What Was Ruth Bader Ginsburg Like in Person?
If Justice Scalia was at a party or reception, you knew it at the moment you walked in. You’d hear and see him from a long way away, describing some turkey hunt or poker game. But RBG could only be found the way scientists detect a black hole, by the observation of her gravitational effect. You’d see a huge beehive of people gathered around some invisible object, and there’d she be, in the middle, with a group gathered around as if seeking wisdom from a shrine. They were usually bent over, as if in worship, heads inclined to hear what she had to say. They were like that because of the first thing that would strike anyone: just how physically tiny she was.
At such receptions, Justices like Stephen Breyer or Clarence Thomas were happy and at ease, naturals at cocktail conversation. But RBG was not like that. At all. She projected a sort of awkward energy that would paralyze people in her vicinity. Maybe it was because she was who she was, but she seemed to consider that to be our problem, not hers; for whatever reason she had no particularly strong interest in setting others at ease.
Perhaps it was the pauses that made her listeners nervous. RBG would, while making some argument or telling a story, sometimes pause, apparently in mid-sentence. You didn’t quite know if she was done, and sometimes people would look around to see if something was wrong. But there she would remain, like a sphinx or an owl, unmoving and inscrutable. Then, right when the silence was becoming unbearable, when you thought someone had to say something, well that’s when she’d restart, sometimes barreling right through a hapless interrupter.
She was quite demanding of those who worked for her. I remember that she forced her clerks to comb through the record and find factual support for everything that was in the opinion, as one does for a legal brief. Perhaps it stemmed from her career in litigation; certainly the clerks in her chambers were under a lot of pressure.
I remember visiting those chambers once for a tea. There was a picture of her and Scalia riding an elephant in India, and biscotti baked by Marty Ginsburg. The tea was a thoughtful thing to do, and it was not hurried nor rushed, indeed it went on quite a long time. There were many of the famous pauses during that tea, some of them quite extended. It was so quiet during the pauses that one could hear clerks nervously sipping their tea and the sound of cups meeting saucers. (Later in life, when I read of the formal salons that Louis Brandeis used to hold, attended by Learned Hand , I was reminded of Ginsburg’s teas.)
It was during that same tea that Ginsburg discussed with us her view, close to blasphemy on the left, that abortion had been handled poorly in the 1970s and that Roe v. Wade had taken the wrong approach. It wasn’t that she didn’t believe women needed access to abortions. Rather, she felt that Roe v. Wade had been too abrupt and too undemocratic, engendering an angry, lasting resistance and planting seeds of revenge. She contrasted abortion with divorce, which had also been illegal and highly controversial at one point, yet had been legalized on a state-by-state basis and eventually become a normalized part of life, through a gradual, democratic process.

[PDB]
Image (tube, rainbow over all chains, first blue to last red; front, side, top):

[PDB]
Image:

At the time, I was working hard on one of the partial-birth abortion cases, and as a clerk I distinctly remember adding a cite to Roe v. Wade to the opinion. To hear RBG say she thought Roe might have been a mistake was shocking. But, given who she was, there was a sense that she was the only one who could have said it, the only one who could deliver a warning of the perils of the anti-democratic path.
Today, her warning about the dangers of side-stepping majoritarian democracy need to be heard. Liberals and progressives spent the later parts of the 20th century not overly concerned about majoritarian rule, only to find ourselves, now, on the losing end of that equation. We live in a country whose President was not elected by a majority, and who seeks to buttress a counter-majoritarian Court with conservatives who have taken up constitutional activism with enthusiasm.
Both liberal and conservative Justices and scholars are very good at coming up with reasons to justify the Court’s overriding of majoritarian institutions. Yet each time we break from the principles of democratic rule to get something we want, there is a price to be paid. It still might be worth it, still might be the right thing to do, when it comes to protecting fundamental rights. But as RBG suggested, that’s no reason to minimize the costs.
So while Ruth Bader Ginsburg is remembered and celebrated for her devotion to the advance of equality and justice, we should remember that she was wise in how she approached her goals. She knew that life is long, that the larger battle was rarely about winning of any single case, and that incrementalism is not the same thing as weakness; it was, after all, a river that carved the Grand Canyon. RBG’s life is a testament to that kind of strong incrementalism, the hydraulic power of changing consciousness, evolving norms, and the sort of progress that lasts.